Thursday, October 27, 2016

Being a Judge Means Never Having to Say You are Sorry..

Years ago there was movie called Love Story. It was a chick flick on steroids that yielded the mantra that has come down to us, "love means never having  to say you're sorry." Donald Trump has adopted this as a guiding principle in his life and he has been soundly criticised for it. However, Trump thinking that he has no need to say he is sorry will not hurt us.

However, there is an entire branch of government that has this as its motto... and it can and does hurt us. This is the mantra that "being a judge means never having to say you are sorry (or wrong)". This mantra has been enshrined in an ancient legal concept called "stare decisis" ( which literally means "to stand by decisions". The practical effect is that courts do not spend a lot of time looking at a case if they feel that stare decisis applies. For example, the "most abominable decision" ever reached by the Supreme Court was the Dred Scott case that held that blacks could not be citizens. The court never overtuned this  awful decision, rather it was left to the implementation of the 13th and 14th amendments to correct the evils of this case.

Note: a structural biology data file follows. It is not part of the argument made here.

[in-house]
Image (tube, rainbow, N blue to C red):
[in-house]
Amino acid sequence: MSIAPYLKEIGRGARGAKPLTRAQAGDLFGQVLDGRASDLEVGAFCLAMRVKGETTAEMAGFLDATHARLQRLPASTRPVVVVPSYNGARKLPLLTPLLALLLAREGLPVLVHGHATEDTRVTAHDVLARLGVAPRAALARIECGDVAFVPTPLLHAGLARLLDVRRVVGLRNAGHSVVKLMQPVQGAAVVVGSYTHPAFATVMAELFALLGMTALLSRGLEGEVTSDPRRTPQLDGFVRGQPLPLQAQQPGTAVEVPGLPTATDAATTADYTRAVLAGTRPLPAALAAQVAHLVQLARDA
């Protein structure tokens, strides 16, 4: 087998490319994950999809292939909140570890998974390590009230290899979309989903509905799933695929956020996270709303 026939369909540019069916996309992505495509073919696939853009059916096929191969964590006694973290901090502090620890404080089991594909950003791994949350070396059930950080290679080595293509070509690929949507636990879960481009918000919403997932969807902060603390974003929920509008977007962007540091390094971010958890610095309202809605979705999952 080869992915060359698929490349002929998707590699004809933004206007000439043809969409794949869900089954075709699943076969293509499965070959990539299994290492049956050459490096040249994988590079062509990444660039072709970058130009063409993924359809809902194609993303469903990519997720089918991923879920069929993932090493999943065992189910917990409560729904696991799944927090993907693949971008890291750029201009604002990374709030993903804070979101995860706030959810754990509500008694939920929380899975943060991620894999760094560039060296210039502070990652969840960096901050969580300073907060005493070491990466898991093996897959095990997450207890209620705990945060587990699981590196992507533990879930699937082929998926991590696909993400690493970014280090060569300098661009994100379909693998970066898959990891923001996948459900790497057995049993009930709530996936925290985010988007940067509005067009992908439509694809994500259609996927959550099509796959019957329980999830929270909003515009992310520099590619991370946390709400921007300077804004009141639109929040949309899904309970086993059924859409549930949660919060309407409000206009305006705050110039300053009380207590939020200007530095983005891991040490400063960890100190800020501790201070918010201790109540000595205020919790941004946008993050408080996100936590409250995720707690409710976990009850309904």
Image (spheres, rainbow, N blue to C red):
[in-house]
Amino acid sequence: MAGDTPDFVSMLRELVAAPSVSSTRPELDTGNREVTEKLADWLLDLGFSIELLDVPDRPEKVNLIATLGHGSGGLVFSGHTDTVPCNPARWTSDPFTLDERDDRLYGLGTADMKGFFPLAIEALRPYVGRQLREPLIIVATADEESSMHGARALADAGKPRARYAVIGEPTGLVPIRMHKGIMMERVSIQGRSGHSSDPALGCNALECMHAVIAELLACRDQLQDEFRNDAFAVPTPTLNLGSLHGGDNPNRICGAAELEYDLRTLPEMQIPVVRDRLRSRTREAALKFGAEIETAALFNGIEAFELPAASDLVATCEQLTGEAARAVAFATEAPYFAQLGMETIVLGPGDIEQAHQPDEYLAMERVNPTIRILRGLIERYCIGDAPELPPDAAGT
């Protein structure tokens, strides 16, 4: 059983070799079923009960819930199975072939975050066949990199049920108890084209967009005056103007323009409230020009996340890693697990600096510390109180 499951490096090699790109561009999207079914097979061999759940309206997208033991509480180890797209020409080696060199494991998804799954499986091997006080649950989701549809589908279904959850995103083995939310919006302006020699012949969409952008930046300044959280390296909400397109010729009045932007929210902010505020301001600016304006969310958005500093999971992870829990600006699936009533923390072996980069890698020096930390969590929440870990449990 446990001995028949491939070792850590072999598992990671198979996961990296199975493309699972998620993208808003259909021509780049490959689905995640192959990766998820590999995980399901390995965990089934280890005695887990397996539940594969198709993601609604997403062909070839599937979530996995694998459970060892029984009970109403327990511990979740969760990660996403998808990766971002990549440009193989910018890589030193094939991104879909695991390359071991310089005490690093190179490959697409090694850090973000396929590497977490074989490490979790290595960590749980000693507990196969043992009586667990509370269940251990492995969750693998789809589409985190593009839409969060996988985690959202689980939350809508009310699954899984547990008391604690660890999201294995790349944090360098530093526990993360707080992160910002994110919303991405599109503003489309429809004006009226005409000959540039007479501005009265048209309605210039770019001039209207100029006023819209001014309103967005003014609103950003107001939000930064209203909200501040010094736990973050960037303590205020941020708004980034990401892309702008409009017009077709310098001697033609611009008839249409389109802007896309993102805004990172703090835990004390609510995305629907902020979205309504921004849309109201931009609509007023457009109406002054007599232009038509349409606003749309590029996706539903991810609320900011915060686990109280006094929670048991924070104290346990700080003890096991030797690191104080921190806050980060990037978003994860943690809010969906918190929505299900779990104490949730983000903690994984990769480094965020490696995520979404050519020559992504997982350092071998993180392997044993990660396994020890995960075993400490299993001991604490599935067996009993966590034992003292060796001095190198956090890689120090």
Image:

While stare decisis is a good thing in principle, the major goal of the law is not "the law", rather it is "justice". The entire legal profession needs to grasp this concept again. When stare decisis precludes justice, it is the responsibility of the judiciary to say "I'm sorry" and make things right. If they don't, then constitutional amendment may be in order.

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